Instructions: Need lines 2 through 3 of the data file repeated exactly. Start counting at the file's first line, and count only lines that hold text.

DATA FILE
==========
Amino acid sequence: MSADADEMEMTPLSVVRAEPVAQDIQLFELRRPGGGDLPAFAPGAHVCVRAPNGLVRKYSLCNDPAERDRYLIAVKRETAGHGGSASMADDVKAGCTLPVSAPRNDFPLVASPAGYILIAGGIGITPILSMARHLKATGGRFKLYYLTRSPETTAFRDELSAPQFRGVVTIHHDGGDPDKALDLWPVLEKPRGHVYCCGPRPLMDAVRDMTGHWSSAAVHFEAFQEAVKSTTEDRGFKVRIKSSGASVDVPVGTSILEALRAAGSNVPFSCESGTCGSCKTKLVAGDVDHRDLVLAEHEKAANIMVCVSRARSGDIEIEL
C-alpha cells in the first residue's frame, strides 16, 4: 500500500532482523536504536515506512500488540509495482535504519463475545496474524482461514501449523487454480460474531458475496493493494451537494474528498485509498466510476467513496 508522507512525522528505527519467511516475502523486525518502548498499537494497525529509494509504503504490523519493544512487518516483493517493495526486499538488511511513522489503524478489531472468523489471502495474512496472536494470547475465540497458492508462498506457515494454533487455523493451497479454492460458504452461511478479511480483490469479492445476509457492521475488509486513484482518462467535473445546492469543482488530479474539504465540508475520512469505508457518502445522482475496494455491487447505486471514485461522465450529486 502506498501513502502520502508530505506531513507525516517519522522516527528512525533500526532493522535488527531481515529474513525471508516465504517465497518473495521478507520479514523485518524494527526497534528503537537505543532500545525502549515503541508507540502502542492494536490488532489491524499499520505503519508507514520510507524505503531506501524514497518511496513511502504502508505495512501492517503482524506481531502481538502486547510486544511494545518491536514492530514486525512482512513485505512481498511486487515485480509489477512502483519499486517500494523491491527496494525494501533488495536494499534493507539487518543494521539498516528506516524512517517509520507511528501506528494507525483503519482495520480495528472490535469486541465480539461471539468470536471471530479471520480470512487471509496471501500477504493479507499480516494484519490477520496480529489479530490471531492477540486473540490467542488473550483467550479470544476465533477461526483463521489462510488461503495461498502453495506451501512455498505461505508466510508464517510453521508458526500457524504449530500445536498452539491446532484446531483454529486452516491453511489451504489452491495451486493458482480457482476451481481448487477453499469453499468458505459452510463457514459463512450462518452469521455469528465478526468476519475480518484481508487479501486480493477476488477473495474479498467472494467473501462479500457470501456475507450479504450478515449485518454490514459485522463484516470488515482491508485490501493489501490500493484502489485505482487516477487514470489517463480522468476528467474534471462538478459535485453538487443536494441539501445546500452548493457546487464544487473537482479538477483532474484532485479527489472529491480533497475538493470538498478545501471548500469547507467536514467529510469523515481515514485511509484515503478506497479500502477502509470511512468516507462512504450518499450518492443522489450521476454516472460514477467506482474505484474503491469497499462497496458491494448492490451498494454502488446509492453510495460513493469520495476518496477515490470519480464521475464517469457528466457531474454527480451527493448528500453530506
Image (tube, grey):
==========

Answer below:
C-alpha cells in the first residue's frame, strides 16, 4: 500500500532482523536504536515506512500488540509495482535504519463475545496474524482461514501449523487454480460474531458475496493493494451537494474528498485509498466510476467513496 508522507512525522528505527519467511516475502523486525518502548498499537494497525529509494509504503504490523519493544512487518516483493517493495526486499538488511511513522489503524478489531472468523489471502495474512496472536494470547475465540497458492508462498506457515494454533487455523493451497479454492460458504452461511478479511480483490469479492445476509457492521475488509486513484482518462467535473445546492469543482488530479474539504465540508475520512469505508457518502445522482475496494455491487447505486471514485461522465450529486 502506498501513502502520502508530505506531513507525516517519522522516527528512525533500526532493522535488527531481515529474513525471508516465504517465497518473495521478507520479514523485518524494527526497534528503537537505543532500545525502549515503541508507540502502542492494536490488532489491524499499520505503519508507514520510507524505503531506501524514497518511496513511502504502508505495512501492517503482524506481531502481538502486547510486544511494545518491536514492530514486525512482512513485505512481498511486487515485480509489477512502483519499486517500494523491491527496494525494501533488495536494499534493507539487518543494521539498516528506516524512517517509520507511528501506528494507525483503519482495520480495528472490535469486541465480539461471539468470536471471530479471520480470512487471509496471501500477504493479507499480516494484519490477520496480529489479530490471531492477540486473540490467542488473550483467550479470544476465533477461526483463521489462510488461503495461498502453495506451501512455498505461505508466510508464517510453521508458526500457524504449530500445536498452539491446532484446531483454529486452516491453511489451504489452491495451486493458482480457482476451481481448487477453499469453499468458505459452510463457514459463512450462518452469521455469528465478526468476519475480518484481508487479501486480493477476488477473495474479498467472494467473501462479500457470501456475507450479504450478515449485518454490514459485522463484516470488515482491508485490501493489501490500493484502489485505482487516477487514470489517463480522468476528467474534471462538478459535485453538487443536494441539501445546500452548493457546487464544487473537482479538477483532474484532485479527489472529491480533497475538493470538498478545501471548500469547507467536514467529510469523515481515514485511509484515503478506497479500502477502509470511512468516507462512504450518499450518492443522489450521476454516472460514477467506482474505484474503491469497499462497496458491494448492490451498494454502488446509492453510495460513493469520495476518496477515490470519480464521475464517469457528466457531474454527480451527493448528500453530506
Image (tube, grey):